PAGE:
Friday, October 19, 2012

REVIEW: "Postales" - Gaby Moreno

Gaby Moreno's newest album, "Postales" was a lucky discovery I made a few days ago via Spotify recommendations. A soulful Guatemalan singer, Moreno channels the late Amy Winehouse with some of the most powerful vocals I've heard this year.

The album opens with single "No Estoy Tan Mal" which translates to something; honestly, I hardly speak a lick of Spanish, and my comprehension mostly consists of individual words and short phrases (Hola, amigo.). In fact, it's entirely possible that these lyrics are God-awful; fortunately for me, I can't tell in the least. I'll just assume she's a natural Shakespeare. Anyways, "No Estoy Tan Mal" is a soulful workout that gets things started on the right foot. Moreno's vocals soar over a tricky little guitar part and some nifty horns that give not only this song, but this entire album, that distinct Latin flavor. Early on, the album experiences a few of its weaker moments with songs like "Tranvia" and "Valle de Magnolias" coming off as slightly derivative (though I'm not certain what they'd be derivative of. I'm not exactly well-versed in Hispanic Soul Music); however, the pace picks back up again with "Ave que Emigra", a folkish tune with a pleasant beat and rural guitar leads. And the stylistic changes keep on coming. "Blues de Mar" gives us a nice waltz while "Juegos y Miedo" has a sort of psychedelic appeal.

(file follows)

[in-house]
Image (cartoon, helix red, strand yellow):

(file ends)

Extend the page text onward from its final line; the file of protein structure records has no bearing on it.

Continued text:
The two highlights come near album's end with the fiercely Latin "El Sombreron", both the album's loudest and quietest tune, and quite a shock to the system; it brings to mind Spanish matador fights a la the sound of the Paso Doble. The other key track is "Quizas, Quizas, Quizas", a Danger Mouse-esque indie tune with, once again, a distinctly Latin flavor. It's hushed tones suggest a more fiery Norah Jones (in the best possible way).

Overall, I had few qualms with this album, but they're present nonetheless. Some of the songs slip into basic figures with simple strums and pedantic drum beats and the closing song, "No Soy el Aire" is an underwhelming finish. Otherwise, though, "Postales" is a remarkable album and a bit of a dark horse for me this year. Better than much of the American and British music I've heard in 2012 and definitely a contender for my top 10 come year's end.


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